Global vaccine challenges include research, supply and delivery

Woodruff Health Sciences Center | Sept. 10, 2014

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Holly Korschun
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Introductions of new vaccines around the world supported by Gavi in 2014.

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The authors discusss how improving supplies and delivery go hand in hand with research, when it comes to providing health benefits of vaccines to developing countries.

To maximize vaccines’ impact on global health, researchers and policymakers need to both develop new vaccines for additional diseases and improve their supply and delivery in developing countries, a review of vaccine development challenges in Science Translational Medicine argues.

The authors include Walter Orenstein, MD and Katherine Seib, MSPH, from Emory Vaccine Center and Seth Berkley, MD and Duncan Graham-Rowe from Gavi, the Vaccine Alliance, an international organization supporting access to vaccines in low and middle-income countries.

Orenstein is associate director of the Emory Vaccine Center and professor of medicine at Emory University School of Medicine, and Seib is research manager in Emory’s Division of Infectious Diseases. Berkley is chief executive officer of Gavi, and Duncan Graham-Rowe is a scientific editor working for Gavi.

“Vaccines are incontrovertibly one of the most successful and cost-effective disease prevention strategies ever implemented,” the authors write. “Vaccines that remain in the vial are 0% effective. Historically, one of the biggest challenges for vaccines in global health has been getting existing vaccines out to the people who need them.”

The authors summarize the large-scale health benefits of preventing several diseases around the world, ranging from smallpox to polio and measles, and in preventing cancers such as those caused by hepatitis B and human papillomavirus. The authors also examine five “high-burden” infectious diseases for which vaccine development has been a particular challenge because of rapid mutation and poor understanding of the human immune responses needed to induce high levels of persistent protection against disease: malaria, dengue, tuberculosis, influenza and HIV.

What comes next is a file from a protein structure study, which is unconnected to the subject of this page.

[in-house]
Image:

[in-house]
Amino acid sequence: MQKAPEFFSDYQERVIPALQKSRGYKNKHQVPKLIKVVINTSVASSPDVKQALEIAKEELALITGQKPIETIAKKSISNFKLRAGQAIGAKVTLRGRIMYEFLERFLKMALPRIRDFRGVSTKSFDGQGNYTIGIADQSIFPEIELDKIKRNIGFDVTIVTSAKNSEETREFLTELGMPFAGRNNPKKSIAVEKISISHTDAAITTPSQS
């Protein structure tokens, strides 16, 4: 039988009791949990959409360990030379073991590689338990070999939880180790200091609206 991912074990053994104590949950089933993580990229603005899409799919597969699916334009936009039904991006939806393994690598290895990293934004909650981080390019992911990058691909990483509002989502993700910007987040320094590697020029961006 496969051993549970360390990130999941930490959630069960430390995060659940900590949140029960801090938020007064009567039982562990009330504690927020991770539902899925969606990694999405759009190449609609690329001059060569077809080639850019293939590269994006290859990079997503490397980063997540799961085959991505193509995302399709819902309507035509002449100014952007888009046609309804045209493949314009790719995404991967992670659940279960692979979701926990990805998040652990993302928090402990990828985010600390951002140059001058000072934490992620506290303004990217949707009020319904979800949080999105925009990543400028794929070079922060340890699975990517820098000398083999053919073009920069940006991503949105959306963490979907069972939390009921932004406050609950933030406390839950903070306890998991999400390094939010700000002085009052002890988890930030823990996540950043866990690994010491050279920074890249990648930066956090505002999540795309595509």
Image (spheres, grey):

“The progress expected in the next decade will lead to the prevention of ever greater health burdens,” the authors write. “However, to maintain this impact and to achieve the full potential vaccines have to offer, current efforts, using existing vaccines, must be sustained and even bolstered. And new vaccines, now under development or to be developed in the future, must be made available to all countries with populations that could benefit from those vaccines.”

Despite vaccines’ successes, millions of children in developing countries are not fully immunized with six basic  vaccines recommended by the World Health Organization. In addition, climate change, urbanization and deforestation have contributed to an increased number of cases of some diseases such as yellow fever and cholera.
 
To ensure widespread access, policymakers should subsidize vaccines in developing countries while avoiding driving vaccine prices down so low that private industry will withdraw, the authors argue. To meet delivery challenges, improved supply chain management, and development of vaccines that do not require refrigeration, or are not administered by needle and syringe, will be important, the authors write.